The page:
button ordering (was Re: fd.o HIG)
dave at cridland.net
Tue Oct 26 12:10:38 EEST 2004
On Mon Oct 25 20:01:22 2004, Scott Wheeler wrote:
> On Monday 25 October 2004 20:45, Sean Middleditch wrote:
> > What could be more confusing than app that behaves one way in one
> > situation(desktop) and differently in another situation?
> I don't know, maybe say, having half of your applications using one
> button ordering and the other half using another? ;-)
> > It's entirely poor UI to have an application behave one way on
> one account > and a different way on another.
> Now, which is the more common case: a user switches desktops
> regularly using the same set of applications or a user uses one
> desktop with applications from different toolkits?
[Lots of snippage here]
Scott, I think you might have misread Sean's comments. I usually find
he's a lot more sensible than you appear to have taken him for, and I
read his comments quite differently.
Assuming I read him right, I can confidently state that I agree with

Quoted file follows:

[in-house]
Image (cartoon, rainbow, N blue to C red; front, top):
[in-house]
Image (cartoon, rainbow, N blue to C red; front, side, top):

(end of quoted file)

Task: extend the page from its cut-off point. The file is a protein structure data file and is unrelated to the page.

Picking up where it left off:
both of you.
1) The button ordering should be consistent across all applications,
regardless of toolkit, desktop library, etc. [Your argument]
2) This button ordering, while it might default to the user's
first-use desktop, should remain unchanged - at least by default -
when the user switches to a different desktop. [Sean's argument]
I think both are quite sensible arguments - you don't want to change
key parts of the UI implicitly because of another change to the
context it's run in. You change UI explicitly - when the user asks -
and you try to keep it consistent, but to change it as a side-effect
of something else is, indeed, very poor UI design.
To put it another way, I'd hazard a guess that most users would
assume that changing the desktop involved changing the Panel for the
Kicker, for instance. I don't think they'd assume that this would
involve switching the ordering of the most important buttons in every
dialog box. I think this change would be highly surprising, and I
hate to think what effect it would have on, say, my father-in-law,
who has sufficiently impaired vision that he may well not find the
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